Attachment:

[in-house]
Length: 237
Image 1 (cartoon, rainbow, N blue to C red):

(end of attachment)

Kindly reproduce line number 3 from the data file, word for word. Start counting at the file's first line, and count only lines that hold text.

Image 1 (cartoon, rainbow, N blue to C red):